The scene is the Jacob Javits Center. The National Stationery and Surtex show has just ended for the day and the crowds are flooding out.
It is raining.
I was part of this crowd, in the lovely company of Susy Pilgrim Waters—illustrator and artist extraordinaire—lately of Boston, formerly of London. Susy and I go way back so I had good company to walk in the rain in search of a cab.
We tried to hail a cab on 11th Avenue. No dice. Too many fellow show goers vying for them.
We worked our way inward toward midtown, stopping at every corner we came to. Cabs flew by, all occupied or off duty. We attempted to be more assertive. Other people stood a bit further in front of us and a few managed to get a cab. We did not.
The rain proceeded to get worse. We saw a bicycle cab go by, made eye contact with the guy pedaling, and said, in unison, “that’s what we need!” and laughed.
Three or four more corners later we were soaked despite using umbrellas, and—what should pull up—but a bicycle cab. We looked at each other, nodded and jumped into the two seat chamber surrounded by clear plastic.
Our rider strained and got going. I learned how bumpy New York streets are. How steamy it can get in a plastic space on a rainy May day. That being in a bicycle cab made me feel a little lazy and sheepish as our driver worked hard to get us to our destination. And sadly he misunderstood the address of our restaurant and went a bit further than planned.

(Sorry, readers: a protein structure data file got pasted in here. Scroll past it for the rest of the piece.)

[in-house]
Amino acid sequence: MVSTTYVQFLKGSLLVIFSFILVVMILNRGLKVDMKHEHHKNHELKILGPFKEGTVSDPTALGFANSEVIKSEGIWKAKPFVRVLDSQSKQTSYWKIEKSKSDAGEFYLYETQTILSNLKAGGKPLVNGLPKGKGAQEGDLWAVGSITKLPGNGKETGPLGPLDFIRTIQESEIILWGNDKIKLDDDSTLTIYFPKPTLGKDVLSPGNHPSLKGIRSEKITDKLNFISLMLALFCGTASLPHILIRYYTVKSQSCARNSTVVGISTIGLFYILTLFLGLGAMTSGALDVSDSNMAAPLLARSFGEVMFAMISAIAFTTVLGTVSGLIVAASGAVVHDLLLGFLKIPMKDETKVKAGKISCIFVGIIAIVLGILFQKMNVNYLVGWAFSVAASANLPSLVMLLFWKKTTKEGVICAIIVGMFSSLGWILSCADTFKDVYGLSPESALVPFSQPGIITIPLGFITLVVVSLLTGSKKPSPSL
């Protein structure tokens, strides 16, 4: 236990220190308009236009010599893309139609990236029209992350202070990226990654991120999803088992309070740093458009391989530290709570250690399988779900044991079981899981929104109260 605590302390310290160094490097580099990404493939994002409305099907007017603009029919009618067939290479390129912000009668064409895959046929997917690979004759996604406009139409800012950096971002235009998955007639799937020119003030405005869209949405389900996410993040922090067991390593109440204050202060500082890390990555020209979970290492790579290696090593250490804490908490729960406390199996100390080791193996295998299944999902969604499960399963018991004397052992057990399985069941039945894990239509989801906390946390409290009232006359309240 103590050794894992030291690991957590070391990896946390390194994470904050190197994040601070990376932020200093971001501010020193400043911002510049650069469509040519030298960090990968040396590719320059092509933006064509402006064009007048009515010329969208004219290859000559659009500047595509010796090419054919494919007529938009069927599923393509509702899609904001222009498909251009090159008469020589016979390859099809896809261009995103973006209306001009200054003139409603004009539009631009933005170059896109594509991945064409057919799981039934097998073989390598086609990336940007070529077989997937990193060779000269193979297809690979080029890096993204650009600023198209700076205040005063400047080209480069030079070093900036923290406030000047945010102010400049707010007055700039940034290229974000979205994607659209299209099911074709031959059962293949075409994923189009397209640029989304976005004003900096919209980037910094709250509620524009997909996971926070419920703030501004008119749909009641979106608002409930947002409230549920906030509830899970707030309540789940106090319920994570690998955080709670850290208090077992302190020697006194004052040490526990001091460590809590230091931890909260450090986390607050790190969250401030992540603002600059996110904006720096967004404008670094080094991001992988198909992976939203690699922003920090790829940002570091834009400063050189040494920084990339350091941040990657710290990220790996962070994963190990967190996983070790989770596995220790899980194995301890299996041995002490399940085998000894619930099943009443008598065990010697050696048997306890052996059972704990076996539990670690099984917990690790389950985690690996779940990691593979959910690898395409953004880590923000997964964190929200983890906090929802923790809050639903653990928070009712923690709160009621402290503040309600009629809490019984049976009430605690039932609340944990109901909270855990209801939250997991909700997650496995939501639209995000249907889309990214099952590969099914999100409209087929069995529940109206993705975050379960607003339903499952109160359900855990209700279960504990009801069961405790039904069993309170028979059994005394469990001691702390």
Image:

But seated at a table in a warm, dry place—and a good bit poorer for the ride (every bit well-earned by that driver)—we relaxed and laughed some more about our funny evening so far, and ordered spring rolls and curried shrimp.
The next morning, leaving the neighborhood deli with my coffee in hand, and three heavy bags slung over my shoulder—all while balancing my shattered, tattered, black-crow of an umbrella in the other hand—I saw a cab roll into view, yellow vacancy light shining. All I could do, so as not to upset the complete apple cart, was feebly raisy an elbow as the cab disappeared behind a box truck. I imagined it picking up someone at the end of the block in the next moment. But it was nowhere in sight. Where did it go? I stumbled in the opposite direction to get beyond the box truck and there was the cab, waiting for me! Luck of all luck!
I exclaimed happiness as I entered the cab—balancing the open coffee on the floorboards, tossing in the soggy, mutilated umbrella, and shedding the heavy bags before pulling myself in. The whole story of the previous evening poured out and the cab driver and I had a jolly conversation the whole way to Javits about being blessed, laughing off minor misfortune, and realizing that a few hours of walking in the rain hold not a fig to a flooded house or an earthquake. We need that perspective every so often.
See Susy Pilgrim Water’s Boston home featured on Design*Sponge.